Yukon gov't vows privacy not at risk after commissioner raises concerns
Privacy commissioner said she's worried about government departments sharing citizens' personal information
The territorial government is not intent on centralizing Yukoners' personal information in the interest of convenience, according to David Downing, the director of corporate information management.
"Absolutely, without reservation that is not under consideration, in any way, shape or form, that that would be the case. There will be no massive centralised database in the Yukon government," said Downing.
Concerns were raised by the Yukon's information and privacy commissioner, Diane McLeod-McKay, in her response to a government review of the existing Access to Information and Protection of Privacy Act.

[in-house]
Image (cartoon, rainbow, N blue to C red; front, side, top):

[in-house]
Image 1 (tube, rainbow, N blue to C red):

McLeod-McKay said those barriers help protect Yukoners' rights and that no one person should have access to all of the personal information held by the government.
Downing said the privacy principles in the current act will not be changed, but he said modernization is needed to incorporate digital technology.
He added the government is constantly improving its privacy safeguards.
"Protection of information is built-in always, always, always," he said. "And it is one of our highest concerns."
Downing said the Highways and Public Works department is now looking at its own analysis as well as information collected from people outside the government and will then write recommendations for changes to the act.
Those recommendations will then go out for consultation before new legislation is introduced, he said.